Who should you vote for if you are a Jewish Israeli leftist or leftist-centrist? Many leftists and centrists I know are experiencing the same dilemma I find myself in; elements of the ideal party are spread across the playing field but that there is no perfect fit.
The conundrum begins with the party leaders and the almost visceral reactions they evoke.
“I can’t stand her (or him)!” is what I frequently hear (although don’t feel myself) about Labor’s Shelly Yachimovich, Yesh Atid’s Yair Lapid, and Hatnuah’s Tzipi Livni, usually from the same folks who are fans of one of the others. (Even Meretz’s Zehava Galon provokes this feeling, but not as strongly). I have no idea what these comments are based on, but voting is an emotional act, so if the face of the party is considered a self promoter, a bitch or a failure, there’s a problem.
Nobody seems to dislike Kadima’s Shaul Mofaz, but they don’t take him seriously either, and his campaign is evoking more pity than passion. Hadash’s Dov Khenin garners great reviews from the minority who know who he is, but most Jewish Israelis won’t vote for a party that hoists the red flag in 2013 or that’s Jewish-Arab, let alone both.
Meretz has the right values; they want a two state solution, social services instead of settlements, equality for Palestinian citizens of Israel, civil rights and economic justice. But they seem irrelevant. They won’t head the opposition, don’t have a charismatic leader and are not likely to have much impact. They insist on trying to address problems that most Israelis are sick of hearing about. It’s true, the problems are all still there, but Meretz hasn’t adjusted its rhetoric, and does not seem to have noticed how well Naftali Bennett is doing preaching Zionism. So, do we vote our values (most of them anyway), boost Meretz and risk feeling that we’ve wasted our vote, or look elsewhere?
The newly reconceived Labor Party, according to the polls, will be the largest of the left or centrist parties, and could lead a powerful opposition or be (uh-oh… we’ve slipped down this slope before) a moderating force on Netanyahu from within the government. It depends on your take on Shelly Yachimovich and her rebranding strategy. She’s turned Labor into a single issue party, economic justice a la the social protest, with an umbilical link to the Histadrut. Has she removed Labor’s two-state solution centerpiece in order to woo more centrist voters turned off by any mention of the conflict? Or so that she can join a Netanyahu government despite recent protestations to the contrary? Does Shelly deserves credit for sticking to her strategy and attracting new voters with dynamic young candidates like Stav Shafir, Merav Michaeli and Itzik Shmueli , or has she destroyed the soul of the Labor party? Is this a tactical maneuver or an authentic shift? (I think the latter, but Netanyahu will continue to insist she wants to divide Jerusalem.) So vote for Labor and give them more leverage, or look for a party that does not shun the “L” word (leftist).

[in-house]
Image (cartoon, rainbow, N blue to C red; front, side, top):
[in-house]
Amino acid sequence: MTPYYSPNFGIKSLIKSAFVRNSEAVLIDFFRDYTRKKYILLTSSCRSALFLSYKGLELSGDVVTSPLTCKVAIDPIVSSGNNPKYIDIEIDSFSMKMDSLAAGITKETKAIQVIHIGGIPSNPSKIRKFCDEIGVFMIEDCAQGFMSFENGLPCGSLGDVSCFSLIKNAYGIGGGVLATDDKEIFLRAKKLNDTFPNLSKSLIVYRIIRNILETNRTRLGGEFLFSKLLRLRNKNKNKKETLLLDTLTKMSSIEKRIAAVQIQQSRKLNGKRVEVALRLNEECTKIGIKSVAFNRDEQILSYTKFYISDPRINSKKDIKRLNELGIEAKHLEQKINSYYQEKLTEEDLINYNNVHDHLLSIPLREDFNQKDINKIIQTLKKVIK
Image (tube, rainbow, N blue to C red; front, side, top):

Perhaps Labor can’t find its peace platform because Tzipi Livni took it. Livni’s Hatnuah is the only party putting peace first, promising to parlay Livni’s past stature to bring Israel back to the negotiating table and reduce our international isolation. And she’s added green politics, a new- found concern for workers and economic justice, and Amir Peretz, an an old-style former Labor Party head, Histadrut leader, and mizrachi leader from the perhiphery. But Livni was outmaneuvered by Netanyahu four years ago and maybe outflanked by Yachimovich and Lapid last week. Like everyone on the left, she doesn’t have a plan to deal with Hamas. She was a dismal Opposition leader, despite heading the largest party in the Knesset, and rarely fought anti-democratic legislation, some of which originated in her own party. So do we attribute that to the incoherent character of Kadima? Or do we trust that she’s learned her lessons and is now ready to lead?
Lapid’s Yesh Atid has a clear platform; drafting ultra-Orthodox Jews and sharing the military service burden, electoral and educational reform (his number two is an education activist, low-cost housing for young couples and lower utilities. Lapid, an intelligent talk show host and fine writer, gets dissed for being slick, shallow, good-looking and well connected; his father was a famous journalist and head of the Shinui Party; his mother an established novelist. He won’t talk about peace because conditions are unfavorable, a reasonable position since conditions are unfavorable, but it’s not clear what he would do to change those conditions. But he’s a fiscal conservative, rejects the social protest, and can’t seem to wait to join the Netanyahu government. Perhaps if he and Shelly and Tzipi (or two out of three) go in, they can replace the far right and ultra-orthodox partners. Perhaps.
So who to vote for? The fear is that all dithering will keep leftist and centrist voters in their own homes, while the right fills those long lines to the ballot box next Tuesday.